At the cabinet meeting, he was often fierce and strictly resisted the usage of military option but was respected in the military due to his understanding of Bengali issues whose colleague often labeled him as "Bingos." In 1970, he notably coordinated the relief operations when the disastrous cyclone had hit the state and gained prestige for his efforts in the country.:114
In 1971, he participated in the area contingency and fact-finding mission, which was known as the Ahsan–Yaqub Mission, to resolve the political deadlock between East Pakistan and Pakistan as both men argued that "military measures would not change the political situations".:69–71
In March 1971, he became aware of the rumors of "usage of military force" and sent desperate military signals to President Yahya Khan in Islamabad for a halt to the military solution.:225–226 After the resignation of Admiral Ahsan, he was ordered to use the military force against the civil agitation led by the Awami League but refused to take this order and tendered his resignation to be posted back to Pakistan.:71 His resignation came in the light of resisting the military orders and fiercely maintained the President Yahya that "military solution was not acceptable".:225–226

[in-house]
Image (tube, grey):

Commenting on the situation, Yaqub maintained that: "[President] Yahya was also keen to impose the "open sword" martial law to roll back the situation was it was in 1969." He lodged a strong protest against the military solution and maintained that the "central government had failed to listen to the voices of their co-citizens in the East.":225–226 To many authors, Yaqub Khan had become a "conscientious objector" in the military.:226